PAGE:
Inside the Mysterious Case of the Lindbergh Baby Kidnapping Trial: The Case That Continues to Haunt

Justice Dennis J. Curran served as a Massachusetts trial judge for 15 years. Justice Curran has received a number of judicial awards for his leadership and deep commitment to the justice system, along with several state and civic awards. He was featured last year on a history panel broadcast on C-SPAN 2, and has lectured extensively before civic, educational and historical groups, and fellow judges. He was recently engaged by the luxury cruise line industry to be enrichment lecturer.

Justice Curran’s lifelong passion has been history. He was elected a Fellow of the Massachusetts Historical Society and is a member of the Board of Advisors of the nationally-respected Lincoln Forum. He has presented at History Camp Boston and History Camp America.

The trial of Bruno Richard Hauptmann, the accused kidnapper of the baby of the famed aviator Charles Lindbergh, stands with the O.J. Simpson case as among the most famous trials of the 20th century.

The trial features America’s greatest hero, ransom notes, voices in dark cemeteries, a German-born defendant who fought against the United States in World War I, and a crime that is every parent’s worst nightmare.

The many mysteries surrounding this case continue to haunt.

Did Hauptmann really do it?

You be the judge.

1773: What Else Happened besides the Tea Party?

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Robert J. Allison chairs Revolution 250, and is President of the Colonial Society of Massachusetts, and a Professor of History at Suffolk University. His books include short histories of the American Revolution and the Boston Tea Party.

December 16, 1773, Bostonians destroyed three cargoes of East India Tea in one of the greatest acts of civil disobedience of all time, and the event that precipitated the Revolution. But why did this become such an important event? We will discuss the political background to the Destruction of the Tea, and why Massachusetts was already on the road to rebellion, and other events, related and not, to the drama of the Tea Party (as it would not be called for another half-century). Why was this such a big deal?

Remember me to all the friends, Civil War Letters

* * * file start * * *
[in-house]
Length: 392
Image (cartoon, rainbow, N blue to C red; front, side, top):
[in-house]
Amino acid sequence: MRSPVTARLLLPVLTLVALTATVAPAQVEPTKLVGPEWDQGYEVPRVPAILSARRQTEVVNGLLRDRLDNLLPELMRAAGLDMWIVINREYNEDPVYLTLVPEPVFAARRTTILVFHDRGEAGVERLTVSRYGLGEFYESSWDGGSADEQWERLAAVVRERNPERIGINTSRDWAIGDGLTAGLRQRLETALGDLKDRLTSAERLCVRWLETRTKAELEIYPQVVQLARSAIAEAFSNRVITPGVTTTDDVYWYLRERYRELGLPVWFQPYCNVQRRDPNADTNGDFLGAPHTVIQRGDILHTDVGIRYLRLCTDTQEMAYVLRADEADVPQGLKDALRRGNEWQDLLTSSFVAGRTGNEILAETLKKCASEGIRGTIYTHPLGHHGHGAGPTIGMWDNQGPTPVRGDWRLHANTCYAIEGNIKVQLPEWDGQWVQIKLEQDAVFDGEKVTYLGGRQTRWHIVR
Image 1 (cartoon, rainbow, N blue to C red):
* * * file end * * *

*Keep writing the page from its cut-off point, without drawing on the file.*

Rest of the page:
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Jan Drake (damianospublishing.com, rememberme36ma@gmail.com) has a lifelong interest in history and the stories which are found in family archives and genealogical research. A graduate of Needham High School, she has a Bachelor’s in Science degree from Hobart & William Smith Colleges and a Masters in Library Science from Simmons. In retirement she is enjoying travelling with a focus on historical places. She is also continuing the genealogical research begun by her parents. The letters from George W. Harwood are available in the book, “Remember me to all the friends, Civil War letters from George W. Harwood, Massachusetts 36th Regiment,” Damianos Publishing, 2022.

Follow the “Wandering Ninth Corps” with the Massachusetts 36th Regiment under General Ambrose E. Burnside. Using letters written by George W. Harwood, Jan Drake visited the places where he wrote the letters. She will take you on an illustrated tour to these sites with photos from then and now and maps to illustrate the journey across nine states from the east coast to the Mississippi river. Over 100 towns in Massachusetts had soldiers in this regiment.

The Adventures of Louisa Catherine Adams

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Laura Rocklyn (LauraRocklyn.com) is an actress, writer, and first person historical interpreter. In addition to performing with regional theater companies across the country, she writes and performs historic character portrayals for educational groups on both sides of the Atlantic, and has worked as an historical interpreter at museums up and down the East Coast. Laura is a Museum Educator at the Paul Revere House Museum and an Acting Troupe Member with History At Play. She has published articles in “Brontë Studies” and “The Revere Express,” and she was the winner of the “LitMag” 2021 Virginia Woolf Award for short fiction. Laura holds an MFA in Creative Writing from Emerson College, and an MFA from The Shakespeare Theatre Company’s Academy for Classical Acting at The George Washington University.

“The Adventures of Louisa Catherine Adams” is a living history performance, written and performed by actress, writer, and first person historical interpreter Laura Rocklyn. The audience meets Louisa Catherine Adams on March 4th, 1825, the morning of John Quincy Adams’ inauguration as the sixth President of the United States. In a rare moment of solitude, Louisa reflects on the events of her tumultuous life in the public eye. From her childhood in England and France, to her adventures as the wife of an American diplomat in Europe, where she charmed heads of state from Berlin to St. Petersburg, Louisa’s memories provide a glimpse into international politics during the Age of Revolutions.

Meet the First Female Cabinet Secretary: Frances Perkins’ Rocky Road to Washington

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Janet Parnes (women-history.com, LadiesTell@gmail.com) is the founder of Historical Portrayals by Lady J in Millis, MA where she has portrayed overlooked, influential American women for 20 years. Her portrayals transport audiences ages 7-adult into the Colonial, Federalist, Victorian, and World-War eras. She has performed at the Massachusetts State House, and John F. Kennedy Presidential Library & Museum, as well as museums, libraries, senior centers, schools, and historical societies across New England. Janet’s media appearances include the Boston Globe, Metro West Daily News, Patriot Ledger, and Worcester Telegram & Gazette.